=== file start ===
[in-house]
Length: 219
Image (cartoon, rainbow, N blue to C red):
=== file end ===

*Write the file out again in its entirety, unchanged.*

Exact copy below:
[in-house]
Length: 219
Image (cartoon, rainbow, N blue to C red):